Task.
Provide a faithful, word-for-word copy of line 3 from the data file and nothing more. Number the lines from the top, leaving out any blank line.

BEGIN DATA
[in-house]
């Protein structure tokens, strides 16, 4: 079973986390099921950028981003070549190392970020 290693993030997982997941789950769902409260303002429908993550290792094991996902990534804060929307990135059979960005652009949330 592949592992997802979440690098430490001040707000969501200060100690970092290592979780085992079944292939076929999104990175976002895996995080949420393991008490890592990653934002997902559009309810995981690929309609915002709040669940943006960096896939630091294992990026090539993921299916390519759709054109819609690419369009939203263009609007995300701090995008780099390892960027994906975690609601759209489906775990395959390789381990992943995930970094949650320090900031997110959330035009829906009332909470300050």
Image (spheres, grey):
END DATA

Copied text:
Image (spheres, grey):